'Handsock' variety is key to winter angling success
When I was a kid, I was notorious for losing anything not attached to my body.
This trait could border on dangerous during winter months, when lost mittens and hats can result in serious frostbite after just a few minutes.
Loss of a winter cap might have been one reason why my Dad used to call me “numbskull” when I was growing up. Over the years, I've learned to cope with being paralyzed from the neck up.
My youthful mitten loss was more egregious. Before my folks discovered “idiot mittens” that were joined with a long string, which ran up the sleeves under my coat, I can remember wearing socks over my hands—and I've called mittens 'handsocks' ever since.
Handsocks were better than idiot mittens. I still have ligature scars on my neck from the loop of string that held them together as an extra measure of retention.
These tough lessons growing up have resulted in near obsession for functional hand covering while ice fishing: The sole winter pursuit where a man can sit on a bucket in the middle of a lake and not be called “simple.”
Ice fishing requires a minimum of four pair gloves and/or mittens. This is based on a lifetime of real-world fishing experience, not that 2013 government report issued by the Dept. of Redundancy Dept.
Beyond protection from the elements, scent control is a major consideration in consistent winter-fishing success. It is common knowledge that unsavory scents, like gasoline, repel fish.
This isn't a problem when you're casting or trolling. About 20 years ago, I learned fishing through a small vertical hole was more efficient than cutting a 1-by-50-foot trench and running back and forth, dragging a Rapala.
The water column beneath that small hole will be tainted with whatever scent is on your lure. Transitioning from grinding holes with a gas auger to tying on a small ice jig is not conducive to catching dinner.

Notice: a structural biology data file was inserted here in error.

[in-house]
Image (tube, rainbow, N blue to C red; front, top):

I used to wear a huge pair of fur-lined neoprene mittens as over-gloves when tapping holes or running for tip-ups. Unfortunately, these resulted in dexterity akin to a bear cub fumbling with a handful of shelled corn.
The folks at TightLine products took pity of my flailing out on the ice and gave me a pair of their new survival gloves. These gloves have two-inch rapidly deployable spikes built right into the gloves.
Only a numbskull goes out on the ice unprepared for the possibility of self-rescue. Decades ago, I learned the wisdom of always having a readily accessible personal flotation device, res-q-piks and 50 feet of quarter-inch nylon rope wrapped around my ice fishing bucket.
The survival gloves are a much better alternative than fumbling for picks when icy cold, deep water has pretty much your complete attention.
Once the holes are drilled and it's time to get down to fishing, wearing an extremely thin pair of scent-free gloves is a good idea, even when fishing in a heated ice shanty.
Human skin excretes an amino acid called L-Serine, which fish find as repulsive as gasoline. The amount of L-Serine secreted varies from person to person. But even a little negative scent is bad in the slow-and-small presentation and limited-water-column world of ice fishing.
Simply spraying or washing your hands in a no-scent product is not an option when temperatures are below freezing. Wet hands lose heat 10 times more rapidly than dry hands due to convection.
Cold hands offer considerably less dexterity than trying to hold a jigstick wearing handsocks.
When fishing outside on a bucket on a beautiful winter day, a pair of disposable handwarmers in your jacket pockets, coupled with thin gloves, provides a good mix of dexterity and warmth. But having a slightly bulkier pair of over-gloves “handy” is certainly a good idea.
Wool and neoprene both retain heat when wet. But wool tends to act like Velcro when handling little ice jigs, and wetsuit material is awful for retaining heat.
Heading out with lined-cotton over-gloves might be the best option for both warmth and functionality. Take at least two pairs. Gloves get wet and get lost.
Going the “idiot mitten” route and joining handsocks with a long string is not the best option.
Last winter I discovered the wonders of slip-on, knee-high rubber boots after reading an article on how they carry less scent than leather boots when deer hunting.
Now I am able to take long strides, even in deep snow.
Handsocks aren't the only clothing items my folks tried to “idiot proof” with a long string.
More than 60 years of trying to cover ground with boot laces tied together hasn't been easy.
Ted Peck, a certified Merchant Marine captain, is an outdoors columnist for The Gazette. Email him at email@example.com.